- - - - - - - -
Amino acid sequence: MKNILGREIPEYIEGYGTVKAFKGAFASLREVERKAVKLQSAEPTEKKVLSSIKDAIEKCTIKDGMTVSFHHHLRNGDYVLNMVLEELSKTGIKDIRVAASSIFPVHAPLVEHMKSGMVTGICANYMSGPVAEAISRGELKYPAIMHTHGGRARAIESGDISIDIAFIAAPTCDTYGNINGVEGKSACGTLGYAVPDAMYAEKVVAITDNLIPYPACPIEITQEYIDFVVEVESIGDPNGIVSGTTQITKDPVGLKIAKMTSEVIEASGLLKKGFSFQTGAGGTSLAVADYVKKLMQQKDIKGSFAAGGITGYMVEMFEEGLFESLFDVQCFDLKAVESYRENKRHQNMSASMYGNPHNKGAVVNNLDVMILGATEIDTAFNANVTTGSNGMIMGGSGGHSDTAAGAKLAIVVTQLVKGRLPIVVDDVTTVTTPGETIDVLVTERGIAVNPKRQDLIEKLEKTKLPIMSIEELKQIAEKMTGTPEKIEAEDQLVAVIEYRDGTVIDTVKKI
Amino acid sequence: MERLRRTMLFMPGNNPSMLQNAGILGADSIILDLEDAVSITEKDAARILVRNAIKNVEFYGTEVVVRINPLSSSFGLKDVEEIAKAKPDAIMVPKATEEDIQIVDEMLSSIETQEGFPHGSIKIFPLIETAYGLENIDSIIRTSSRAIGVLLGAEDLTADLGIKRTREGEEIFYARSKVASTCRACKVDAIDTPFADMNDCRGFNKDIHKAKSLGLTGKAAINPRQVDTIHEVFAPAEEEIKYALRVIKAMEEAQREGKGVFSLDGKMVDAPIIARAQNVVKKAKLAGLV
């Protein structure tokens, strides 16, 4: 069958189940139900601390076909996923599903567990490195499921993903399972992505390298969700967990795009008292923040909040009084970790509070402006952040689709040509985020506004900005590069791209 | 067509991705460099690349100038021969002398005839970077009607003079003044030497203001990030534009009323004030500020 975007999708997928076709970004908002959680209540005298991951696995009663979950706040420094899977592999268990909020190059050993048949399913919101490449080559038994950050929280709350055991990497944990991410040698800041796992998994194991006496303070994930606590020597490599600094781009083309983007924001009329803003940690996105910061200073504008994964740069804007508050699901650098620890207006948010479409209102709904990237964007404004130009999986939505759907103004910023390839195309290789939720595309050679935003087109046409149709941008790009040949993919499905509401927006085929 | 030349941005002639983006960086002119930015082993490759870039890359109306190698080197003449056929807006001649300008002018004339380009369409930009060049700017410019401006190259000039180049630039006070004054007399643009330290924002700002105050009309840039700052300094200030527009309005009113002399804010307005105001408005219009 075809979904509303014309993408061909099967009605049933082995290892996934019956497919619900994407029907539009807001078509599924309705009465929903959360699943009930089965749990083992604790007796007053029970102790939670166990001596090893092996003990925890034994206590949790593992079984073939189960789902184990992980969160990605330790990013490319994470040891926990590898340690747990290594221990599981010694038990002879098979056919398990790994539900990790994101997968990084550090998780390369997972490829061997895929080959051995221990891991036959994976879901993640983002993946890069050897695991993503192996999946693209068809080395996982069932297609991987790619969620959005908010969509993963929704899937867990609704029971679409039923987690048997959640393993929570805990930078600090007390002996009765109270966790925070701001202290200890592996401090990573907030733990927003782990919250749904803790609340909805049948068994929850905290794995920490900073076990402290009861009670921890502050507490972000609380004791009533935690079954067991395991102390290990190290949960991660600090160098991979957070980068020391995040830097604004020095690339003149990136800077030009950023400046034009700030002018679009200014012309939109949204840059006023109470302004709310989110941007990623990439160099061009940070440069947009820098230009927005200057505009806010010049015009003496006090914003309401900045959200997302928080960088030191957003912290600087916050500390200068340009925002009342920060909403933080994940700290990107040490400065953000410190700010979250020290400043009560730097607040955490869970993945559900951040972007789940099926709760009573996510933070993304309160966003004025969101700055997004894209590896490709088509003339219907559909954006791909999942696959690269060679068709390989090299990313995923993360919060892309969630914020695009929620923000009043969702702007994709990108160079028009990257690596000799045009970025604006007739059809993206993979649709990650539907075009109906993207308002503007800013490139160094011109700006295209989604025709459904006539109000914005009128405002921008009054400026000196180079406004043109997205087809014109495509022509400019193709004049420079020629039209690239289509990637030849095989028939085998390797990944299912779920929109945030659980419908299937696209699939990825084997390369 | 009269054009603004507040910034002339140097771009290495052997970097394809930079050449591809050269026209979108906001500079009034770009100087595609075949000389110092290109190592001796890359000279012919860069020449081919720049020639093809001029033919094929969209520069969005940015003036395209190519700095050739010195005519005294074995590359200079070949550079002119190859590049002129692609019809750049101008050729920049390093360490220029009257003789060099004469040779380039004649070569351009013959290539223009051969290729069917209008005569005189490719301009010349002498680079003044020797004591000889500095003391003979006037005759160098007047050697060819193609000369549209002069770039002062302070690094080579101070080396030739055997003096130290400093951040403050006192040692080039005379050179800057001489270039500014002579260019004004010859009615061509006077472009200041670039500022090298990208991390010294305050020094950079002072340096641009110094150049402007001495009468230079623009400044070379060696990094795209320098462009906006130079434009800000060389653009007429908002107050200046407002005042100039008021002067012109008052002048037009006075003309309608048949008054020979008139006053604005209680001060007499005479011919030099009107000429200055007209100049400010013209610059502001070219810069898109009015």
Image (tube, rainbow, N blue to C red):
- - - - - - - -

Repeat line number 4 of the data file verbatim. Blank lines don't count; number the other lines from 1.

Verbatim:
Image (tube, rainbow, N blue to C red):